Parents have been saying to their teenagers for years “you know what’s on social isn’t real, right?” The perfect portrait, the perfect group of friends, the most beautiful sunset… sometimes it’s all pre-planned, pre-worked, shot a million times, edited and then published at the exact day and time to evoke a response. It looks so natural and real when it gets to the feed, but check the camera roll of a teenager who took that photo and see how many didn’t get selected. 

In this highly curated world we live in, it’s hard to know what’s real. And I’ve always said the best social media content is just that – real. Authenticity comes through honestly and lack of it comes through just as clearly. Spend a minute on TikTok watching a couple “Get ready with me” clips. It doesn’t get more genuine than that.

But in the past week, there seems to be a level of honesty coming through that we haven’t really seen. Sure, we’ve seen strangers yell at each other in political Facebook comments, and that’s real for sure, but this is about getting personal, and putting themselves out there, raw and without holding back. I think it comes from a point of view that says “I’m fed up and I’m tired of taking this.” Just take a look at Drew Barrymore’s instagram video today, taking her words back – and clarifying the facts of what she said so the tabloids will stop twisting her statement. 

A friend of mine shared a beautiful post on her personal page last week. She said she enjoyed seeing all the happy, smiley end-of-the-school-year photos all over social, but that’s not her reality. Instead, she has a teenager who is so glad school is over because it’s been a rough year. She went into some details about friend groups and social strife along with a quickly-caught candid of her daughter looking away, not smiling. Authentic as hell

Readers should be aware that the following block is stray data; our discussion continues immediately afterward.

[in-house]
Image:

I’ve been this mom at one point or another. Who hasn’t? (NOTE: If you haven’t, either consider yourself very lucky or ask yourself if maybe YOU have the mean kid). But I would never have been able to share it, not in the eloquent way she did. We always focus on the happy slices of life, the impossible perfection we aspire to have, knowing full well that no one – no one –  believes our life is as wonderful as the newsfeed we put out there. It was vulnerable of this mom to put this post out there – but the number of comments she got of support from people who had been there too – is really why this whole social media thing was created, right? For connection. To find likeminded people. To get emotional support when it feels like there is none. 

So the next time you want to over-edit a piece of content, think it over. See if you can be brave enough to put yourself, your brand, your reputation out there as is. You might be surprised by how great the response is. 


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